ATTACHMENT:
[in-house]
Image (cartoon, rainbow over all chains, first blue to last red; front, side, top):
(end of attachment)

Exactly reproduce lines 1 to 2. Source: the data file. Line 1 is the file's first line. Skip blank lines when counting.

[in-house]
Image (cartoon, rainbow over all chains, first blue to last red; front, side, top):